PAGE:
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Food Inc & Your Garden

It was finally time and I felt ready to watch the movie that has been on my NetFlix list for months, yet never made it to my doorstep (because I kept pushing it down the list). Food, Inc.

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You know how it goes with difficult information, you know you “should” pay attention and watch, but somehow you are just not ready. We’ll that was me. For years I have been eating from local, sustainable and organic sources, but not every meal. I mean I still go out to restaurants and I normally don’t ask the establishment where they shop. So inadvertently, I’m sure that I am still consuming the “bad” kind of food. I love farmer's markets, like this one in Carlisle Mass, but I still haven't made shopping at them a regular practice. Time to wake up!

Carlisle Farmers Market

Being winter, this is the time when The Garden Continuum is focused on a new season and our new opportunities. For the past several years that focus has been on how to continue to move toward organic practices, how to reduce our carbon footprint, and how to empower our clients to start and maintain small vegetable plots or even planters. Each year we make slow progress, sometimes being encouraged by a success and sadly often discouraged that we can’t effect more change more quickly. Then I am reminded of the Medfield Victory Garden and think - AH the children - there's a place to start!

After seeing this movie, I realized that every little success is movement in the right direction. It is remarkable how much the TGC clientele has shifted over the 25 years of practice. More and more homes boast vegetable gardens and a surprising number are keeping bees or raising laying hens. Seeing this shift only encourages our work to support homeowners in growing their own food.lettuce, carrot, onion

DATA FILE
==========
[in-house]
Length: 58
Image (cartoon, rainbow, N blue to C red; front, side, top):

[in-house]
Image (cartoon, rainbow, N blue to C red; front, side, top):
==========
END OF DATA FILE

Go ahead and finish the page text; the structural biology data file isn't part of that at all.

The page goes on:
Three years ago I had a fabulous vegetable garden with a varied and productive harvest. Two years ago my garden was decimated by a seemingly endless supply of woodchucks. Last year, feeling like a bit of a farming failure, I moved to a container vegetable garden and put my 1,800 square foot garden into cover crop cultivation. The idea was that the woodchucks would see there was nothing fabulous to eat and I would take a year to restore the soil.

herb planter; cilantro, basil, nasturtium

This year will be the year of the fence installation and another year of cover crop. The year of restoration and learning has been useful. I am no longer so discouraged. The veggies will be in planters again, which is kind of fun actually. I had a bumper potato crop and what a kick to be cooking with MY potatoes just dug up and washed. Succulent and flavorful is an understatement! I am learning how to grow and cultivate new crops; techniques I will take to my garden in 2012. AND we adopted a dog as a natural way to help deter woodchucks (if anyone has any other woodchuck deterring tips…please share!)

As a professional and home gardener, I can offer encouragement to anyone that has watched FoodInc by reiterating what they say toward the end of the film; we as consumers have great power. Every time we make a purchase we are casting our vote. If you buy seeds to start your first garden, buy organic compost, rent a rototiller, buy a back yard garden book, shop at a farmers market or hire a garden coach, or work with an organic landscape firm, you are voting for healthy choices and that makes a difference. Remember, a single tomato plant will change your perception and taste for tomatoes. It is a small and important step on the path to health and well-being.

The Garden Continuum is continuing to focus our services in 2011 toward helping as many clients as are interested to start their own vegetable plot or container garden. We believe that this focus, in conjunction with encouraging sustainable landscape practices for the ornamental aspect of each client’s property, ensures that The Garden Continuum continues to make a positive environmental impact on our planet.

Happy Gardening!

The Insider's Guide to Landscape Design

Topics: Ecological and Sustainable Landscapes Commercial and Public Landscapes